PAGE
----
26 July 2018
The votes are in and the public have chosen their favourite Waterhouse artwork.
The People’s Choice winner is The Question Has Been Answered by SA artist Jason Cordero and joins a growing alumni of five prize winners named in Dr Wendy Wickes’s honor as part of the Waterhouse prize.
Dr Wendy Wickes’s life companion Michael Strautmanis said the Waterhouse Natural Science Art Prize encourages artists to investigate the world around them and to make a statement about the scientific and environmental issues facing our planet.
Cordero’s paintings transcend the physicality of the landscape and generally explore the human psyche, laden with expectation, enlightenment, tyranny and despair.
“There’s something special about winning people’s choice awards; it’s especially satisfying knowing that a work has engaged so many people,” said Cordero.
In his artist’s statement he says: “Natural Science is at its core the questioning of our world, of trying to understand the immense web of interactions which surround us. One line of inquiry branches to another with some answers being ephemeral, yet some are persistent and form a landscape of understanding. Such revelation leads to new ways of seeing, a new perspective on the once familiar. This renewed perspective generates new questions and so the cycle continues”.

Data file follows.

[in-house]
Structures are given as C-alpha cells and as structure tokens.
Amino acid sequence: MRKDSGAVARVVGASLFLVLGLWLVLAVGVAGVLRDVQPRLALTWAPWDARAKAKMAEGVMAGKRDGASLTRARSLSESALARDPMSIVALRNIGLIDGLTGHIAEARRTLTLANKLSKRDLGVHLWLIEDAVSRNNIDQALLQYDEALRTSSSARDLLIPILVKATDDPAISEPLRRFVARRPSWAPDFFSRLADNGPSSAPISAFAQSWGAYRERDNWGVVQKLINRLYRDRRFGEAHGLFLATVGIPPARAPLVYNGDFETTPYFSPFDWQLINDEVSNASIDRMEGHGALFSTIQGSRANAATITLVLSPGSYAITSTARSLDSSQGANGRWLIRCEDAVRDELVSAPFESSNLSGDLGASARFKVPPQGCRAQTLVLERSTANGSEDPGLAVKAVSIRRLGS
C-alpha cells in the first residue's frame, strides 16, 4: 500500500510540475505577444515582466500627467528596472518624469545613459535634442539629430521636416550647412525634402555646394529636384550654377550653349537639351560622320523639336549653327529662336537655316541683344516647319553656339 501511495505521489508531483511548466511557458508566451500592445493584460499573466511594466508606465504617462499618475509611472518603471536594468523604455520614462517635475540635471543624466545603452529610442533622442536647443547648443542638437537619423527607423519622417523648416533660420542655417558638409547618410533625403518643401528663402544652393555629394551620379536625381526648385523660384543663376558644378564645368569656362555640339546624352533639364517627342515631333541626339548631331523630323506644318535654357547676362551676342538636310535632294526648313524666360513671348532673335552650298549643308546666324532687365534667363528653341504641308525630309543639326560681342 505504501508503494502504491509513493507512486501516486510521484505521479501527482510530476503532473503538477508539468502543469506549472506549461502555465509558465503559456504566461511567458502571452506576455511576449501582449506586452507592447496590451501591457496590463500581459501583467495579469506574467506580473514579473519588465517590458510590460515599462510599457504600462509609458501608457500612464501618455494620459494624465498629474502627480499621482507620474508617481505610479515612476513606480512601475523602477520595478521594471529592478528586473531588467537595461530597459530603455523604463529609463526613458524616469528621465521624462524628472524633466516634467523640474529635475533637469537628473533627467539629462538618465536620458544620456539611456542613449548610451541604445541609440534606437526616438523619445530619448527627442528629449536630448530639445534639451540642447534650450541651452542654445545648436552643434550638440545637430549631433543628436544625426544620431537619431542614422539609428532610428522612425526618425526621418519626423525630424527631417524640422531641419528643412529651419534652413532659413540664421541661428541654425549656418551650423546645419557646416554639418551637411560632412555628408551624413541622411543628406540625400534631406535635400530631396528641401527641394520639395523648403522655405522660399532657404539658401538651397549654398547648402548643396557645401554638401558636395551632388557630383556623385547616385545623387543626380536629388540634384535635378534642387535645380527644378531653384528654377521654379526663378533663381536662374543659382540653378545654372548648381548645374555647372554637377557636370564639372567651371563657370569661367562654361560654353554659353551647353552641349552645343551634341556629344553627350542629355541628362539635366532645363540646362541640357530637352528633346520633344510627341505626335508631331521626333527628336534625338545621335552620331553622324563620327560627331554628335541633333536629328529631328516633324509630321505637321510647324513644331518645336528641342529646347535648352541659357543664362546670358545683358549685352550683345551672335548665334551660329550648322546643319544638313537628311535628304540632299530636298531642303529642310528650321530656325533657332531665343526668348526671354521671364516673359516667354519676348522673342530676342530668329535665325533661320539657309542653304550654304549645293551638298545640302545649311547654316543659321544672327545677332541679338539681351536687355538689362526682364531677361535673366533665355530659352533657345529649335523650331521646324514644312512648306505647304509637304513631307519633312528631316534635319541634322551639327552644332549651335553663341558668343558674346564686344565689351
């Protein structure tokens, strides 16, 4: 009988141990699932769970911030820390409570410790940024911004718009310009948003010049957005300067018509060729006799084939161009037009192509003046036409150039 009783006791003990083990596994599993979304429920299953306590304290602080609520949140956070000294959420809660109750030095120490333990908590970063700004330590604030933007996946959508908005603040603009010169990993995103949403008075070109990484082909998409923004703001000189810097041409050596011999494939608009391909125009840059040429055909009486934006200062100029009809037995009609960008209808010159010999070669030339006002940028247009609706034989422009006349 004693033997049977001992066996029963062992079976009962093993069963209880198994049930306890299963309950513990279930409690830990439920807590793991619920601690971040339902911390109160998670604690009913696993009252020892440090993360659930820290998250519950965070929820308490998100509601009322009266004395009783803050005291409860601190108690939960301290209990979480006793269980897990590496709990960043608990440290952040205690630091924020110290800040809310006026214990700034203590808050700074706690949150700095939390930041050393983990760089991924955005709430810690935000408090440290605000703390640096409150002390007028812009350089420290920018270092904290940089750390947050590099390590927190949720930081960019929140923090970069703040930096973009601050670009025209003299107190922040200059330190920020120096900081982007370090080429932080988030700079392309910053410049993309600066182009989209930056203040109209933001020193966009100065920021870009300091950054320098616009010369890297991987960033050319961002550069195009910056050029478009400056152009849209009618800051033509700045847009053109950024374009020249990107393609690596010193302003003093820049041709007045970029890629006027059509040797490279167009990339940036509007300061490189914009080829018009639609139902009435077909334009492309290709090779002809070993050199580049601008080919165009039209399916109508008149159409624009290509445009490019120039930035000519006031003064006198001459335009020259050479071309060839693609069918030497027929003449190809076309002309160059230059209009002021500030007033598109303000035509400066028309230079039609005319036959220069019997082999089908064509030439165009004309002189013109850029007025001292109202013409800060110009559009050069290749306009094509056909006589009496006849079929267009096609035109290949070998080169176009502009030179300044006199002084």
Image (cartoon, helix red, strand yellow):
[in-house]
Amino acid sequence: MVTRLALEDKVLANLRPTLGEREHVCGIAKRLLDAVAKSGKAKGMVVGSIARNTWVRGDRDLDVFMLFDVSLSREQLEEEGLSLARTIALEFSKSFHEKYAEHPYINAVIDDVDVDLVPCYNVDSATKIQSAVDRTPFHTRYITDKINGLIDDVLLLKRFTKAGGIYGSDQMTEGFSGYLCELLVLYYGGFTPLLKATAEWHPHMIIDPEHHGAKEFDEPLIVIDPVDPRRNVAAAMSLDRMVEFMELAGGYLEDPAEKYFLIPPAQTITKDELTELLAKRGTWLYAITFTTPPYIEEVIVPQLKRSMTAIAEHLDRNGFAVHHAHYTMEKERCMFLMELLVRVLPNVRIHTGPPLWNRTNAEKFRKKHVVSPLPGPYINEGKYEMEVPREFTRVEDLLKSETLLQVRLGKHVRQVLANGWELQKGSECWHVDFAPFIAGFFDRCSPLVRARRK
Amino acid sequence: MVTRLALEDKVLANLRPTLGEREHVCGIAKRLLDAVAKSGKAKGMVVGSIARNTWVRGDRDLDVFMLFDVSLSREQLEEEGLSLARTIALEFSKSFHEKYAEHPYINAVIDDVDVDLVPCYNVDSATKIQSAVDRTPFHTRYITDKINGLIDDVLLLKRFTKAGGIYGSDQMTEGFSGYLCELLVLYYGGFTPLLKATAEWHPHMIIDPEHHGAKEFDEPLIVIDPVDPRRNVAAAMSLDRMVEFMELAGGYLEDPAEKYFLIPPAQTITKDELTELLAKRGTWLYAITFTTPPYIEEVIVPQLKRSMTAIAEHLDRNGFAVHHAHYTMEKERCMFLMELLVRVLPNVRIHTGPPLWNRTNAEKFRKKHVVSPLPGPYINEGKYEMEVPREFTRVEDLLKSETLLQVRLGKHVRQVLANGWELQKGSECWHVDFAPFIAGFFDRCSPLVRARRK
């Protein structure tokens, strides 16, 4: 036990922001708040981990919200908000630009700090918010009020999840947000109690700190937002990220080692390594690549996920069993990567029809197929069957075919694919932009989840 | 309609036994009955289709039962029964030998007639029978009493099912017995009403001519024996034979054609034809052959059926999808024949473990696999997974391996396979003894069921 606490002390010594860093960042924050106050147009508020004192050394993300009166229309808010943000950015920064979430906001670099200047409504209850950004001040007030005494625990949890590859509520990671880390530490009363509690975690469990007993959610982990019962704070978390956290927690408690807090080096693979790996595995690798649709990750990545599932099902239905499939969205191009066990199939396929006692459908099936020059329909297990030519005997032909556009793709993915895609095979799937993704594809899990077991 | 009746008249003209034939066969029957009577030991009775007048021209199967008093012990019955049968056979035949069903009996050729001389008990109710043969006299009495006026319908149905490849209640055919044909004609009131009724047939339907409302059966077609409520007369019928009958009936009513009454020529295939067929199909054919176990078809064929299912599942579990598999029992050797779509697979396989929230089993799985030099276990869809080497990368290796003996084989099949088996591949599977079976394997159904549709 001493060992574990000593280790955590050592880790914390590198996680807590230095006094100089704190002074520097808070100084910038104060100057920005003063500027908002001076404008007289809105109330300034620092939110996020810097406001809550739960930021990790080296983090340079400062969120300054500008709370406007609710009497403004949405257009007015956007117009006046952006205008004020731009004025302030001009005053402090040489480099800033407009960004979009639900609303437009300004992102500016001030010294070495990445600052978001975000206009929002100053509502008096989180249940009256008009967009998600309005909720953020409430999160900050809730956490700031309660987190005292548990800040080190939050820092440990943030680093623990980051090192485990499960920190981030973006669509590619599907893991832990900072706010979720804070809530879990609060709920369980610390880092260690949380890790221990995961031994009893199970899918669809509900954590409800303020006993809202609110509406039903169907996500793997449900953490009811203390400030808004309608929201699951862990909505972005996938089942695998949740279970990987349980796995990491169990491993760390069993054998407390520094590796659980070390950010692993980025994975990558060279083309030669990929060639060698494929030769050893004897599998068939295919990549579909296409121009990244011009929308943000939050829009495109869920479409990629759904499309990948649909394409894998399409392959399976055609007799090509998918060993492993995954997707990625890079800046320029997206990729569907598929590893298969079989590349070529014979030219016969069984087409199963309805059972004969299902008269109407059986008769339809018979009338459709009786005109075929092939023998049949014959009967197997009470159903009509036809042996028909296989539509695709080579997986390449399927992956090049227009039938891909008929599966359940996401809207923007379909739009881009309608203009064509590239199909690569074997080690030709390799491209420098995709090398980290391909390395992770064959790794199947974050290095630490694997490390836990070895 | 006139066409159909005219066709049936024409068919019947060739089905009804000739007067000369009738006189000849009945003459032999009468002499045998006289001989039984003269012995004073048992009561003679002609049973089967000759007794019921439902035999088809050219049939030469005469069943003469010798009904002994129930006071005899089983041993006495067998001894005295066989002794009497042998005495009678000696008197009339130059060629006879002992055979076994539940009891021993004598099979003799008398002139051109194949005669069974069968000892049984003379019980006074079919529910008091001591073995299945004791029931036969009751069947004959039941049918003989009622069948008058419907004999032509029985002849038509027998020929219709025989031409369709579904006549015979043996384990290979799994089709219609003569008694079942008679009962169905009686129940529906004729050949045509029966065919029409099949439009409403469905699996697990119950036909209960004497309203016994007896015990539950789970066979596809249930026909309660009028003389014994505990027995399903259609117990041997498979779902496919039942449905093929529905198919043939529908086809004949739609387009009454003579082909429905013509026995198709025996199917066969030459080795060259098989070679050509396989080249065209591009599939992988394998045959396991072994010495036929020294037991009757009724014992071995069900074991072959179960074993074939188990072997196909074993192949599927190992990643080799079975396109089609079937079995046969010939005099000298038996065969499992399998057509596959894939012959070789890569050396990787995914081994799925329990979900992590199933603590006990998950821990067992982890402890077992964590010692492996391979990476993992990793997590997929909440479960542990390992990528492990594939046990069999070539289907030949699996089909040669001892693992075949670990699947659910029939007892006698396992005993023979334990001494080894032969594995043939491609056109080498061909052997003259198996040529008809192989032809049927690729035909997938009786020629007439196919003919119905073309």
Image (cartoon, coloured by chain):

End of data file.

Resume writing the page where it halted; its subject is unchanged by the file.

Overall Waterhouse winner Erica Seccombe, has also taken out the Scientists’ Choice Award.
Metamorphosis by Erica Seccombe
Erica Seccombe says being recognised by the public is both significant and exciting.
“This work has resulted from my unique interdisciplinary collaborative research, which often stands outside of mainstream contemporary art practices, so to be recognised by my peers in this way is extremely rewarding and encouraging,” Ms Seccombe said.
In her artist’s statement accompanying the work she says:
“Metamorphosis provides a unique time-lapse and translucent perspective of a pupating fly. It results from Erica’s creative research into scientific visualisation of volumetric, or ‘virtual’ data acquired from 3D microcomputed X-ray tomography.”
Close to 3,000 people voted for the People’s Choice Dr Wendy Wickes Memoriam Prize, with The Question Has Been Answered claiming over 200. The Scientists’ Choice Award, received 402 votes, of which 33 went to Metamorphosis.
An exhibition of the winning and highly commended artworks will tour to the National Archives of Australia in Canberra, exhibited this year at their temporary home in Old Parliament House opening from Friday 23 August until Sunday 14 October.